Rolled-Tube Processing

While drawn-tube processing is the conventional method for reducing the diameter and wall thickness of tubing to achieve the required specifications, a technique patented by Somerset, NJ–based Micro known as rolled-tube processing can also be employed to manufacture medical device tubing. Originally developed by the company to produce a reengineered disposable surgical device, this technique reduces component and subassembly costs and is used to manufacture endoscopic subassemblies.

MICRO Metal Tubing

Micro fabricates both rolled (left) and seamless and drawn tubing (right).

“Our rolled-Tube process produces tubing in a progressive stamping die,” remarks Carl Savage, vice present of sales and marketing at Micro. “The progressive stamping die was developed to stamp such features as holes, coiled areas, and trim areas in the early stage of the progression.” Once the features are completed, a rolling process begins in which a series of forms gradually starts rolling the flat stock material into the finished round tube shape. This process results in a longitudinal seam. The diameter of the tube, coupled with the material thickness, determines the rigidity of the tube and its movement, if any. In this process, the gauge of the base material is typically the required wall thickness of the finished product.

In conventional drawn and welded tubing, the weld seam is homogenized and blended into the tubing during successive drawing and annealing operations, according to Savage. “While there will always be a material difference between the seam and the rest of the tubing, the objective of the manufacturing process is to have this area as close to the balance of the tube as possible. Achieving this often requires additional draw/anneal operations. You can’t eliminate the annealing of the weld seam on drawn and welded tubing because it’s part of the process to obtain the required size and dimensional requirements.”

Tubing created using the rolled-tube process can also call for a welded seam, Savage adds. This seam can be continuously welded along the entire length of the tube or spot welded at specific locations. However, unlike cold-drawn tubing, rolled tubing typically does not undergo an annealing process following the weld.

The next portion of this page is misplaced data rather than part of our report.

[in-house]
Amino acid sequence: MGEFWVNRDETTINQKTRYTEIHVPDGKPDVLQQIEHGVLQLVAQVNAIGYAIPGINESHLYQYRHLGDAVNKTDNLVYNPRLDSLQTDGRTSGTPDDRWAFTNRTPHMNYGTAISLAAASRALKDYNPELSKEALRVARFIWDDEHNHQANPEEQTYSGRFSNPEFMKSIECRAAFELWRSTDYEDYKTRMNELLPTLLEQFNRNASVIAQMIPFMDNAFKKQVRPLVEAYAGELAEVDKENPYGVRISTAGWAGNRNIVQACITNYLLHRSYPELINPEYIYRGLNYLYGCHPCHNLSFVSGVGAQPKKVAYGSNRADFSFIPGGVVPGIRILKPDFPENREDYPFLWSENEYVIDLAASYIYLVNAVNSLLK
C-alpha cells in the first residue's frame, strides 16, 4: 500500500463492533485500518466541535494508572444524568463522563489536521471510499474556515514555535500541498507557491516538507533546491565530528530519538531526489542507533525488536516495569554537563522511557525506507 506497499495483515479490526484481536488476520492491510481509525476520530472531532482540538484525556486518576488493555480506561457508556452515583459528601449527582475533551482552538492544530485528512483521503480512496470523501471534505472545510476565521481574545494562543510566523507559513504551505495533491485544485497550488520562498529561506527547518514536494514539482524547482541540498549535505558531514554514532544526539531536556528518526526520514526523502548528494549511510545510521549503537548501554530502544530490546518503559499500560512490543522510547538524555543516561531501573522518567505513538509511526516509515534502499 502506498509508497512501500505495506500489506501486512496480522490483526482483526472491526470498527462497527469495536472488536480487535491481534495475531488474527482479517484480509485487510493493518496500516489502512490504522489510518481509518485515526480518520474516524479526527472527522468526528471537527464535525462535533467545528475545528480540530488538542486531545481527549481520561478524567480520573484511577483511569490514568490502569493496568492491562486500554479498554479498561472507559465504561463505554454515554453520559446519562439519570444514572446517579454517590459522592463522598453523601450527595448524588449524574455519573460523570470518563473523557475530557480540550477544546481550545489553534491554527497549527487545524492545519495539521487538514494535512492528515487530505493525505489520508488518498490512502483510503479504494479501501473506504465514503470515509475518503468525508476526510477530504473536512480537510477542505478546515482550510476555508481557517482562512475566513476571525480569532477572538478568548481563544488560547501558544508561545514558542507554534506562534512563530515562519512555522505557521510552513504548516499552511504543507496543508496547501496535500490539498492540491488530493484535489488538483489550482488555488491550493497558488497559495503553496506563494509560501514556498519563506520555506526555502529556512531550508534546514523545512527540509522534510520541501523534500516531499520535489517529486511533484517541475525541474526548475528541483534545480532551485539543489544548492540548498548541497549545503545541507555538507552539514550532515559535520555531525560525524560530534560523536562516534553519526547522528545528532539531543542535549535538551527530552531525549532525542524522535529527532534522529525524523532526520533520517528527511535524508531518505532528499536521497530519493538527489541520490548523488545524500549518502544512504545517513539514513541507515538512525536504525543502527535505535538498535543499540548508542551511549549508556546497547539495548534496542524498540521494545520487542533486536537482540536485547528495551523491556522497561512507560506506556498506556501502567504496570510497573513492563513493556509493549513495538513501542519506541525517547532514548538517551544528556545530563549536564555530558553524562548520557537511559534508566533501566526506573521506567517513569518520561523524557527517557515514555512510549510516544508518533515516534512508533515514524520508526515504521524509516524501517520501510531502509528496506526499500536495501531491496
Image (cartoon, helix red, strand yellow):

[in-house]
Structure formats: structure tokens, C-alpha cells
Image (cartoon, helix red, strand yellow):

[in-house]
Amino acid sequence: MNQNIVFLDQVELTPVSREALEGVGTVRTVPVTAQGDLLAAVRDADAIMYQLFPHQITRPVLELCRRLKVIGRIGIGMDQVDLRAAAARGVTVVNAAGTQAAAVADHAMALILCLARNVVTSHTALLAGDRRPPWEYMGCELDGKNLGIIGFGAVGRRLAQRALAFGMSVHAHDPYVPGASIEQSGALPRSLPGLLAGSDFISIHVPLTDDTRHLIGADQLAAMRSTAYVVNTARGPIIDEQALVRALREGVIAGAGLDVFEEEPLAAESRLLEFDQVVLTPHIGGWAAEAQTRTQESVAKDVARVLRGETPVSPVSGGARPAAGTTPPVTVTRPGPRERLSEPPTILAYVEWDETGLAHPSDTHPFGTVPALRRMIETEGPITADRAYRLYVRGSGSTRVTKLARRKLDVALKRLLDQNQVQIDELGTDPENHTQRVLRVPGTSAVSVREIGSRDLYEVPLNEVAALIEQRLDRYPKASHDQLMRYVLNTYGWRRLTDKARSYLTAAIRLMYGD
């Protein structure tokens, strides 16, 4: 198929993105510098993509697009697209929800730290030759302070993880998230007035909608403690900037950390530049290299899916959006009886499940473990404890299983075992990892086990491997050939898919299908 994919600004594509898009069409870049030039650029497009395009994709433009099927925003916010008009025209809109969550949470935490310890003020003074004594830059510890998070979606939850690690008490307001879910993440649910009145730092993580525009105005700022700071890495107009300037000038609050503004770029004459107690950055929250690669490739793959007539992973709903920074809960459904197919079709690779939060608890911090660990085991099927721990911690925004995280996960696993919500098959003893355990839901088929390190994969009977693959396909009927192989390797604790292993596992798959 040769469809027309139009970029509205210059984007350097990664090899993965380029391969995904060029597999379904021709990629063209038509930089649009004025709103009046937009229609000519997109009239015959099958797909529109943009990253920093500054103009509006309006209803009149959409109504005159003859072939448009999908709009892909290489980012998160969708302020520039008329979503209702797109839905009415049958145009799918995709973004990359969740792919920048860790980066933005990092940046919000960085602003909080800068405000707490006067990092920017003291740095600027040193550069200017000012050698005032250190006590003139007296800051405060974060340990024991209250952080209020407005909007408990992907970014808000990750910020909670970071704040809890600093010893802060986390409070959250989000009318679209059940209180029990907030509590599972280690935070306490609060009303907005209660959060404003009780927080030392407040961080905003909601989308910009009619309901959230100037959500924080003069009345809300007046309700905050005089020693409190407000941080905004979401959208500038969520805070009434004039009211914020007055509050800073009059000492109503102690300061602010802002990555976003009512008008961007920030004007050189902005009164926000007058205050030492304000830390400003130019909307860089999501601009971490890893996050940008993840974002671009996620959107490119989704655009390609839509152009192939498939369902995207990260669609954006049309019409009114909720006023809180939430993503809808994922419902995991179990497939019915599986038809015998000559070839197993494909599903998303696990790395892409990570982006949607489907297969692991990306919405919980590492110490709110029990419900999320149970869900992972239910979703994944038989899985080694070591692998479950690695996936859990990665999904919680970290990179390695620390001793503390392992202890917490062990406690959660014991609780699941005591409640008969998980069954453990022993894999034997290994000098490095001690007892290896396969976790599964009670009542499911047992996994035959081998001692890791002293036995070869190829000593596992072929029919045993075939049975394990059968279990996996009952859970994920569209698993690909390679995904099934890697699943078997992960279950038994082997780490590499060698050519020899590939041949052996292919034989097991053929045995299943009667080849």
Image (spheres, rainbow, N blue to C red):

Metal Tubing Challenges

“It is challenging to fabricate very small and straight tubing featuring diameters and wall thicknesses with tolerances less than 0.001 in., Lorenz remarks. This may be necessary if the final product contains components that are designed to mate or press-fit together.” Take morcellators or shavers, for example. Often consisting of a tube within a tube in which one of the tubes spins, such devices have clearances and material properties that are critical to the design performance and use life of the device. In addition, many devices are often assembled using laser welding, which inherently drives tight assembly tolerances because of the precision and very small diameter of the laser-welding beam.

Because of the process steps and high mechanical forces employed during cold drawing, it is also challenging to create defect-free surface finishes, Lorenz adds. Devices must be free of pits and scratches, which can harbor contaminants and become mechanical failure initiators if they are large enough. Above and beyond functional design issues, however, is the concern that surface blemishes are unsightly. “What surgeon in the operating room wants to see a device that isn’t completely uniform and consistent in appearance? Thus, manufacturers of medical device tubing are challenged to produce tubing that is dimensionally precise, has specified material and mechanical properties, is functional and safe, and features pristine surfaces.”

Bob Michaels is senior technical editor of MDDI. Reach him at [email protected].